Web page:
The British government’s proposed new internet regulations have caused alarm among critics who say the plans threaten freedom of speech.
The new rules, suggested in a white paper published on Monday, and the creation of a regulator to enforce them, are part of recommendations that attempt to tackle the spread of material related to terrorism, child abuse, self-harm and suicide on the internet.
The regulator would oversee online companies that “allow users to share or discover user-generated content or interact with each other online.”
The Department for Digital, Culture, Media and Sport says the independent watchdog would write and uphold a “code of practice” for tech companies. Senior managers could be held liable for breaches, with a possible tax on the industry to fund the regulator.
Culture Secretary Jeremy Wright has dismissed concerns that the new regulator would harm press freedom, saying that the new rules would not affect “journalistic and editorial content”.
Critics have warned the legislation could threaten freedom of speech. Jim Killock, the executive director of the Open Rights Group, told the Guardian: “The government’s proposals would create state regulation of the speech of millions of British citizens. We have to expect that the duty of care will end up widely drawn, with serious implications for legal content that is deemed potentially risky, whether it really is or not.”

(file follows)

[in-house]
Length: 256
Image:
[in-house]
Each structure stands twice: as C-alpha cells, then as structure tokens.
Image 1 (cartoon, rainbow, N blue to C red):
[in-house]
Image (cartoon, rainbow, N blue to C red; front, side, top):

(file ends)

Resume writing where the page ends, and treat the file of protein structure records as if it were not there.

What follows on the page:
Freedom of expression group Article 19 has strongly opposed a “duty of care” being imposed on internet platforms.
It said this would “inevitably require them to proactively monitor their networks and take a restrictive approach to content removal”, adding: “Such actions could violate individuals’ rights to freedom of expression and privacy.”
On Monday, government ministers sought to reassure critics. Home Secretary Sajid Javid said: “Press freedom is absolutely sacrosanct in this country” and that “there is nothing in this white paper that challenges that in any way whatsoever”.
In a letter to the UK’s Society of Editors, addressing press industry concerns, Wright said the new regulator would have a “legal duty to pay due regard to protecting users’ rights online, particularly their privacy and freedom of expression”, adding: “We are clear that the regulator will not be responsible for policing truth and accuracy online.”
“The government absolutely upholds the core principle of freedom of expression recognizing the invaluable role a free press plays in our culture and democratic life,” Wright said.
He said he was keen to work closely with the press “to ensure our proposals are effective, proportionate and do not have unintended consequences”.
He added: “A vibrant, independent, plural and free press that is able to hold the powerful to account is essential to our democracy.”
The government, which is consulting on the proposals, now faces pressure to make amendments before they become law.
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